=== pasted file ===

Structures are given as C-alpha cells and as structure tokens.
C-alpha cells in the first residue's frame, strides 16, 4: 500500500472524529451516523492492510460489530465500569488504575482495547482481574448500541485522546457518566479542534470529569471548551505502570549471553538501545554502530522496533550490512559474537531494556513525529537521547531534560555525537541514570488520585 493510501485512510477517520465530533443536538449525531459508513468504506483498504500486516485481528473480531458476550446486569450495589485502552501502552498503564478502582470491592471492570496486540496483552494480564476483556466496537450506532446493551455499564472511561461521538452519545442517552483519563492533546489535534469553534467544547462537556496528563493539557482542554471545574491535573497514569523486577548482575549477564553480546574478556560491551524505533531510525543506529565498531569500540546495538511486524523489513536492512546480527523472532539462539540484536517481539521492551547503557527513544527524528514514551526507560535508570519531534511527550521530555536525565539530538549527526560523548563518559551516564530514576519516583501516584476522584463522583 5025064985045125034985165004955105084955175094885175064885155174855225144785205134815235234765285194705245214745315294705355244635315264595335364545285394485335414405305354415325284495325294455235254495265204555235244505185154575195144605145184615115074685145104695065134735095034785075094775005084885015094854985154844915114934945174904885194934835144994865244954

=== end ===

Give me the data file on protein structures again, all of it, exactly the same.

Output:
Structures are given as C-alpha cells and as structure tokens.
C-alpha cells in the first residue's frame, strides 16, 4: 500500500472524529451516523492492510460489530465500569488504575482495547482481574448500541485522546457518566479542534470529569471548551505502570549471553538501545554502530522496533550490512559474537531494556513525529537521547531534560555525537541514570488520585 493510501485512510477517520465530533443536538449525531459508513468504506483498504500486516485481528473480531458476550446486569450495589485502552501502552498503564478502582470491592471492570496486540496483552494480564476483556466496537450506532446493551455499564472511561461521538452519545442517552483519563492533546489535534469553534467544547462537556496528563493539557482542554471545574491535573497514569523486577548482575549477564553480546574478556560491551524505533531510525543506529565498531569500540546495538511486524523489513536492512546480527523472532539462539540484536517481539521492551547503557527513544527524528514514551526507560535508570519531534511527550521530555536525565539530538549527526560523548563518559551516564530514576519516583501516584476522584463522583 5025064985045125034985165004955105084955175094885175064885155174855225144785205134815235234765285194705245214745315294705355244635315264595335364545285394485335414405305354415325284495325294455235254495265204555235244505185154575195144605145184615115074685145104695065134735095034785075094775005084885015094854985154844915114934945174904885194934835144994865244954